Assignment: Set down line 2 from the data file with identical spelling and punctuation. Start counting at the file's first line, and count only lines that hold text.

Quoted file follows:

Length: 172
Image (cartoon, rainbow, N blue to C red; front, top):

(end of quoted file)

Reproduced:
Image (cartoon, rainbow, N blue to C red; front, top):